Leaving Bucharest – Getting on the Road Again

by | October 2, 2018 |

Today I’m leaving Bucharest. The title image is the International Departures board today at the Henri Coandă (Otopeni) Airport in Bucharest. I’m waiting for my Check-in counter to be posted.

leaving Bucharest

Whizzing past the Arrivals to get to Departures on a grey, drippy day – a sad one for leaving Bucharest

Leaving Bucharest First stop: London where I’ll spend the night and the next day. I bought my business class ticket with American Airline points (plus $99 in taxes), so the available routes were not the most direct and convenient.

Next stop: New York City, where once again I’ll spend the night before heading back to Durham, North Carolina.

Yesterday, a friend asked me the most common question for a person about to embark on international travel, “Have you already packed?”

I said, “Well, you see, I don’t have a suitcase, and even if I did, I don’t have anything to put in it.”

We had a laugh, because of course she then remembered my luggage had been stolen at the Luanda airport in Angola back in June.

Another friend quipped, “At least this time around you don’t have to worry about your luggage getting lost or stolen again.”

leaving Bucharest

Getting ready to go: in the entry to my condo are one smallish carry-on and an overstuffed handbag

Although I can’t say I’m glad my luggage was stolen, I can say that, as a result, I now know it’s no big deal. You simply figure out what’s important (top of the list: tooth brush and underwear) and move on.

I arrived at my condo in Bucharest in June knowing I had a few things in my closet, and when my friends here heard my story, they helpfully gave me a few articles of clothing to tide me over for the next three months.

I began to replace things little by little. Only a couple of weeks ago did I finally buy a comb. (!) Most of the stuff I haven’t even bothered replacing and may never do so.

It’s amazing to learn how little you really need.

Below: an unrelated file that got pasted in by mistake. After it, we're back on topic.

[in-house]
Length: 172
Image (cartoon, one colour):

The only question to remain: how suspicious will I look at various airline check-in counters with no checked luggage? Isn’t that a warning sign of something, the whole no luggage thing?

I get my answer when I check in: Absolutely no one cared.

Then it was on into the maze of glass, steel girders, escalators and the like:

leaving Bucharest

Leaving Bucharest and Arriving in London: The flight was uneventful.

Heathrow was surprisingly uncrowded, making the arrival at 9:00 pm a breeze. I exited Terminal 5 to see this:

leaving Bucharest

For some reason I was surprised to see a stand of trees

And to cross to the taxi stand I came instantly upon what I’ve always loved about London – helpful signs for all the international travelers not to get hit by a car coming from the direction opposite of what they’re anticipating!

leaving Bucharest

Heathrow Airport is crazy big. For my hotel I chose the Moxy Sleeper in Hounslow, Heathrow, which I thought would be close, but ended up being a good 20-minute drive if not more:

leaving Bucharest

It has an aggressively industrial vibe, with thumping techno music throughout. You’ll notice the check-in/bar area has a green Cooper Mini (on the left). What is it doing there?

leaving Bucharest

And what is the camper doing outside?leaving Bucharest

I have no answers, but on the way to my room I happened upon this space which is labeled Ironing Room:

leaving Bucharest

A buff, tattooed guy in shorts ironing? Okay, that’s one question. My question is: Which of the shirts on the wall he would wear?

I went to my room, turned on TV and was gobsmacked (gotta use that word here) to see an episode (presumably the most recent?) of the Great British Bake-Off!!

leaving Bucharest

OMG, on the left  there’s Paul Hollywood, everyone’s master baker heartthrob!!!

The three judges are considering an entry for their biscuit chandelier challenge. Yes, biscuit chandelier – which even one of the contestants called absurd.

In case you are wondering what such a thing might look like, one is hanging in the center of the photo.

It’s great to be in a place where biscuit chandeliers can be conceived of.

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This post was written by Julie Tetel Andresen

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